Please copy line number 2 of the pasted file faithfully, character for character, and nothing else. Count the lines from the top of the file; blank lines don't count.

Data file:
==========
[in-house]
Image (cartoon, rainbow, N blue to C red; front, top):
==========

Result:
Image (cartoon, rainbow, N blue to C red; front, top):